Manny Ramirez Finally Crosses the Line

Mackenzie KraemerSenior Analyst IJune 30, 2008

"It's just Manny being Manny."

That is the excuse Red Sox fans and media members have used for Manny Ramirez's antics over the years. Whether he's going to the bathroom between innings, not showing up for training camp on time, showing up pitchers after home runs, or hilariously cutting off a Johnny Damon throw to the infield, Ramirez has always been a different kind of player.

Despite all his antics, he was harmless. His actions sometimes hurt his own team a little, but more often than not, they amounted to nothing. His prodigious slugging ability more than made up for his strange ways, especially once Boston won the World Series.

After all, it was after the previous season when the Red Sox decided enough was enough and put Manny on irrevocable waivers. Did they expect anyone to sign their best hitter? No, as his contract was exorbitant, but their point was made.

Winning cured all faults, and winning the 2004 World Series was more than enough for people to forget Manny's quirks. His production also did not wane. Manny's numbers remained high until 2007, when both his contact and power percentages fell.

However, despite the drop in numbers, Manny is still doubtlessly one of the most feared hitters in the game. But the 2008 season has been a major disappointment for Ramirez. His numbers have improved on last season offensively, but Manny's off-field behavior has returned, and worse than ever.

Forget about his slapping of teammate Kevin Youkilis less than four weeks ago. Youkilis's whining about the strike zone irked Manny, so he slapped his teammate, and they had to be separated.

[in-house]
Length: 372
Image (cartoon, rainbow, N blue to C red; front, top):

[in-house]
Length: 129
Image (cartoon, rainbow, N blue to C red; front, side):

Saturday afternoon, Ramirez shoved Red Sox traveling secretary Jack McCormick to the ground. One of McCormick's jobs is to place orders for tickets players want to reserve for games. Ramirez asked him for 16 tickets for the night's game.

When McCormick told him that 16 tickets might be too many for him to obtain on such short notice, Ramirez shouted, "Just do your job!"

After an argument ensued, Ramirez pushed him to the ground. Ramirez deserved some benefit of the doubt before this season, since he had never done anything particularly malicious, but this story is a sad reflection on him.

Just four days ago, Houston Astros pitcher Shawn Chacon was released for choking general manager Ed Wade. Obviously, choking someone is on a much more severe plane than pushing someone, and Manny is clearly more valuable to Boston than Chacon was to Houston.

But the Red Sox need to at least suspend Ramirez for a game.

The definition of "shoving" could certainly vary, especially with a strong professional athlete like Manny. He has also since apologized, and McCormick seems to think it's over.

But there is still no excuse for what he did, especially since he was making a near-outlandish request on gameday. If the Red Sox don't at least suspend or fine him, then they condone his actions.